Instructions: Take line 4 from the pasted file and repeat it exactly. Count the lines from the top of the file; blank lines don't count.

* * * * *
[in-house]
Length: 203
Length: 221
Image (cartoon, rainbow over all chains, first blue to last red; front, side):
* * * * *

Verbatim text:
Image (cartoon, rainbow over all chains, first blue to last red; front, side):